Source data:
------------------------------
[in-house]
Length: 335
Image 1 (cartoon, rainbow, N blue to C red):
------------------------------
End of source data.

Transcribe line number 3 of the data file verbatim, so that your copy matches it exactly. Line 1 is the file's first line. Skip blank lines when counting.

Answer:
Image 1 (cartoon, rainbow, N blue to C red):